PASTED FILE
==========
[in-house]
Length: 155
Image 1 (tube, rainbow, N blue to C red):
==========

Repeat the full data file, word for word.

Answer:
[in-house]
Length: 155
Image 1 (tube, rainbow, N blue to C red):